Hawaii's Congressional delegation reacts to president's attack on media

HONOLULU (HawaiiNewsNow) - In a speech to the American Conservative Union on Friday, President Donald Trump leveled a verbal assault on the media outlets he calls "dishonest."

"We are fighting the fake news. It's fake, phony, fake!" he said. "They shouldn't be allowed to use sources unless they use somebody's name. Let their name be put out there."

Because of the president's address, the White House's usual Friday press briefing was canceled. A short time later, several major media outlets -- including CNN, the New York Times, Los Angles Times and Politico -- were shut out of a smaller briefing.

The move rankled observers from both parties, as well as most media watchdogs.

"It's a very troubling first step that we're seeing from this administration," said CNN senior political correspondent Brian Stelter.

Hawaii's Congressional delegation was quick to condemn the administration's actions.

"Simply because he doesn't like what you may be reporting or you may be saying is not the basis by which you stop it. It's censorship," said U.S. Rep. Colleen Hanabusa, D-Hawaii.

In a written statement, U.S. Sen. Brian Schatz, D-Hawaii, called the president's tirade "a new low."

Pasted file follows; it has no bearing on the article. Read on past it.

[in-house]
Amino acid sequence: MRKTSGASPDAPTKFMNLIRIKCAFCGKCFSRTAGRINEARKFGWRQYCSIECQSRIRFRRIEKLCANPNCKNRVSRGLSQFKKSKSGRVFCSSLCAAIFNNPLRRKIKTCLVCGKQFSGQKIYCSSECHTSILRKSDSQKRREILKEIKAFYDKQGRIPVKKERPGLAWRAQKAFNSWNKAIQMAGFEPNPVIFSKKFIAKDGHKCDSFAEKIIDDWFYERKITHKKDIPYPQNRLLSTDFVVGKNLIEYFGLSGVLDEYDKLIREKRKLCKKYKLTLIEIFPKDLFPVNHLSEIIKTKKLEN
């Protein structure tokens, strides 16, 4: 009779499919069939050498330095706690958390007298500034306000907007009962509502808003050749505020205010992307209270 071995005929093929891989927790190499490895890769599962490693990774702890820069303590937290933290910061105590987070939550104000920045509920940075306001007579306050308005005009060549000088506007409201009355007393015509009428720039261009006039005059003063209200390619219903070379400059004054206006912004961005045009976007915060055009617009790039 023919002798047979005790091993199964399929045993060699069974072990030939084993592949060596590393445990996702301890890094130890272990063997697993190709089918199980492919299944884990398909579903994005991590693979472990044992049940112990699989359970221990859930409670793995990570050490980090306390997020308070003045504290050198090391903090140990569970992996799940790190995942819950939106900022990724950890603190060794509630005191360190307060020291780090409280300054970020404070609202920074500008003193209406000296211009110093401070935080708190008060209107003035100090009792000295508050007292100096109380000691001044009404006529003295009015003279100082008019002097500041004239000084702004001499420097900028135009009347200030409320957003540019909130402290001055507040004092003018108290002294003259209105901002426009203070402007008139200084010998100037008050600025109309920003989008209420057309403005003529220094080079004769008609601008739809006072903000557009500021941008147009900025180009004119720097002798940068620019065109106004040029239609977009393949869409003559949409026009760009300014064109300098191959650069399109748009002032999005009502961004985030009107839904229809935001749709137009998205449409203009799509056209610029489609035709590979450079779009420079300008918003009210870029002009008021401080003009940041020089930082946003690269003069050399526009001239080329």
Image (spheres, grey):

"In a free society, it is the duty of the press to hold the government and the most powerful to account. Every American should be outraged," he wrote.

U.S. Sen Mazie Hirono, D-Hawaii, said: "Certainly, to try and muzzle the press is definitely not American."

Even former state Sen. Sam Slom, a staunch Trump supporter, wouldn't defend the administration's actions.

"It doesn't matter whether it's a Republican that does it or a Democrat. It's really beneath him. He doesn't have to do it," he said.

Journalists-in-training were similarly stunned by the statements.

University of Hawaii journalism student Annabelle Le Jeune believes it isn't a black and white issue.

"There needs to be kind of a balance between the media portraying both sides of the story, and then also the government needs to be maybe a little bit more transparent," she said.

The president says he's exposing the press.

"So I'm not against the media. I'm not against the press. I don't mind bad stories if I deserve them," he said.

White House Press Secretary Sean Spicer defended the White House's actions, saying the administration will "aggressively push back" against false stories.

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